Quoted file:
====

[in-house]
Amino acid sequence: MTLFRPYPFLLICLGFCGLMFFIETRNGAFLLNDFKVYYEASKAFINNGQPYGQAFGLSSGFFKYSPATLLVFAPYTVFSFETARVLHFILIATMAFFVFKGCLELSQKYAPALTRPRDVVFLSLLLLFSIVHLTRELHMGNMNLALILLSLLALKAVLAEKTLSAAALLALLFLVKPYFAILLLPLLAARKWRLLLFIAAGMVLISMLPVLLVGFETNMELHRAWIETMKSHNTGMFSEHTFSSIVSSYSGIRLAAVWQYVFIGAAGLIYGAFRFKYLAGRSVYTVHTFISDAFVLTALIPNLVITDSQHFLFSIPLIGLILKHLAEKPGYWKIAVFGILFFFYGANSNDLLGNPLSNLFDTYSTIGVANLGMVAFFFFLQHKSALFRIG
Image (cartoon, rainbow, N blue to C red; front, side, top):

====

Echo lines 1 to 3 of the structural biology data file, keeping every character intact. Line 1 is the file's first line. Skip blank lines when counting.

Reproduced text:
[in-house]
Amino acid sequence: MTLFRPYPFLLICLGFCGLMFFIETRNGAFLLNDFKVYYEASKAFINNGQPYGQAFGLSSGFFKYSPATLLVFAPYTVFSFETARVLHFILIATMAFFVFKGCLELSQKYAPALTRPRDVVFLSLLLLFSIVHLTRELHMGNMNLALILLSLLALKAVLAEKTLSAAALLALLFLVKPYFAILLLPLLAARKWRLLLFIAAGMVLISMLPVLLVGFETNMELHRAWIETMKSHNTGMFSEHTFSSIVSSYSGIRLAAVWQYVFIGAAGLIYGAFRFKYLAGRSVYTVHTFISDAFVLTALIPNLVITDSQHFLFSIPLIGLILKHLAEKPGYWKIAVFGILFFFYGANSNDLLGNPLSNLFDTYSTIGVANLGMVAFFFFLQHKSALFRIG
Image (cartoon, rainbow, N blue to C red; front, side, top):